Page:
The BBC reported some really great news in May. The headline reads: “Paralysed patients use thoughts to control robotic arm.” The article is by Fergus Walsh.

The wonderful news is that two people in the USA paralysed from the neck down due to strokes have been able to command a robotic arm by using their thoughts. A very small chip linked to a computer was implanted in their brains. The sensor then translates electrical signals into instructions.

Cathy Hutchinson, one of the two patients, was able to take a drink of coffee without help for the first time in almost 15 years.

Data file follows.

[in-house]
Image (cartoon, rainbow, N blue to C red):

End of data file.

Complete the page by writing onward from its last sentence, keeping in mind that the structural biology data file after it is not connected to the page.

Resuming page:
The BBC story explains: “Thinking about moving an arm or hand activates neurons in this part of the brain and the electrical activity is sent via a cable to a computer, which translates them into commands.” Neurologist John Donoghue of Brown University, one of the project’s partners along with the Department of Veteran Affairs, Rhode Island, as well as Massachusetts General Hospital and Harvard Medical School, said: “There was a moment of true joy, true happiness. It was beyond the fact that it was an accomplishment. I think it was an important advance in the field of brain-computer interfaces that we had helped someone do something they had wished to do for many years.”

For more on this success story and the “BrainGate” team’s lofty goals, click here.